Cost-Containment Mechanisms for Essential Medicines, Including Antiretrovirals, in China - Health Economics and Drugs Series No. 013
(2003; 30 pages) [French] [Spanish] View the PDF document
Table of Contents
View the documentAcknowledgements
View the documentTerms of reference
Open this folder and view contentsIntroduction
View the documentBackground and experiences with voluntary agreements
View the documentCountry rights to be protected in voluntary agreements for reduction of prices of medicines
Close this folderCompulsory licensing - practical aspects and procedures
View the documentIdentify relevant patents
View the documentExplore possible sources of supply based on local production
View the documentIdentify possible sources of importation of the required medicine
View the documentMarketing approval
View the documentRequest for a compulsory licence
View the documentGranting of the compulsory licence by the Patent Administration Department
View the documentNegotiation with patent holder about fee
View the documentDetermination of fee by the Patent Administration Department
View the documentAppeal
View the documentOther considerations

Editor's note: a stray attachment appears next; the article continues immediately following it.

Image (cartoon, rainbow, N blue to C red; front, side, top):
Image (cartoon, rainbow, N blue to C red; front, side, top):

View the documentConcluding comments
View the documentList of persons contacted
View the documentFurther reading

Negotiation with patent holder about fee

After the granting of the compulsory licence, bona fide negotiations should be undertaken with the patent holder to establish the fee for the exploitation of the patent. Generally, fees are determined as a percentage of the net sales price of the product made under the licence (and not the patentee’s own product), but other modalities can be adopted, for instance, a fixed sum per unit sold.

The TRIPS Agreement requires that the compensation reflect the economic value of the licence.

Commercial practice in voluntary licensing is to use royalties ranging between 2% and 5%, though they may be higher in certain cases. There is some evidence available on the royalties determined by national authorities in Canada, the USA and other countries for the granting of compulsory licences10.

10 Niess, P. Technology evaluation and pricing. TECH MONITOR, November-December 1999, p. 16-17.

Factors that may be considered to negotiate the fee include: launch date of the product, possible substitutes, coverage and possible invalidity (total or partial) of the patent/s, pending challenges to the patent/s, if any, accumulated sales and recovery of R & D investment made by the patent holder, global and Chinese market for the product (units and value), expected volume of production and price under the compulsory licence, royalties agreed upon in voluntary licences on the same or similar products.

Of course, gathering this information will require considerable preparation and work by an inter-disciplinary team.

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